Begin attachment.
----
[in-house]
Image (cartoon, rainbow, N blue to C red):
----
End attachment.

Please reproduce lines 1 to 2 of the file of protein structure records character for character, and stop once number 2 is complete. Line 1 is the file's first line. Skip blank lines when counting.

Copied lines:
[in-house]
Image (cartoon, rainbow, N blue to C red):